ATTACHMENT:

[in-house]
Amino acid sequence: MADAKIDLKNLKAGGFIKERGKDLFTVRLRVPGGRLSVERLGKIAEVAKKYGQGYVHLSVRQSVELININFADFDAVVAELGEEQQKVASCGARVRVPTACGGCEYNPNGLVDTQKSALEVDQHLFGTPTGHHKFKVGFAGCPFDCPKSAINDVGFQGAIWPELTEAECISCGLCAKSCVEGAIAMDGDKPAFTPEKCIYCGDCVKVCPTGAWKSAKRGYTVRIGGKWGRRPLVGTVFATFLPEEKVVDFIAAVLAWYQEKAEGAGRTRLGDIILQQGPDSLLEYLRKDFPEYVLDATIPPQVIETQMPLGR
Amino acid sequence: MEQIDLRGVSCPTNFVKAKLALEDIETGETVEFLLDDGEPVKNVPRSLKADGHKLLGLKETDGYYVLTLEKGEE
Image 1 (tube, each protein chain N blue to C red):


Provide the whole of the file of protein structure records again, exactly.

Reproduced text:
[in-house]
Amino acid sequence: MADAKIDLKNLKAGGFIKERGKDLFTVRLRVPGGRLSVERLGKIAEVAKKYGQGYVHLSVRQSVELININFADFDAVVAELGEEQQKVASCGARVRVPTACGGCEYNPNGLVDTQKSALEVDQHLFGTPTGHHKFKVGFAGCPFDCPKSAINDVGFQGAIWPELTEAECISCGLCAKSCVEGAIAMDGDKPAFTPEKCIYCGDCVKVCPTGAWKSAKRGYTVRIGGKWGRRPLVGTVFATFLPEEKVVDFIAAVLAWYQEKAEGAGRTRLGDIILQQGPDSLLEYLRKDFPEYVLDATIPPQVIETQMPLGR
Amino acid sequence: MEQIDLRGVSCPTNFVKAKLALEDIETGETVEFLLDDGEPVKNVPRSLKADGHKLLGLKETDGYYVLTLEKGEE
Image 1 (tube, each protein chain N blue to C red):